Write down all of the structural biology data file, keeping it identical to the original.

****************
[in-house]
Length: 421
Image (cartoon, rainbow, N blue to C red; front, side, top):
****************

[in-house]
Length: 421
Image (cartoon, rainbow, N blue to C red; front, side, top):